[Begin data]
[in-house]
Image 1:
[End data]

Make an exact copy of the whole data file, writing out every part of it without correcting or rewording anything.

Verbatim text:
[in-house]
Image 1: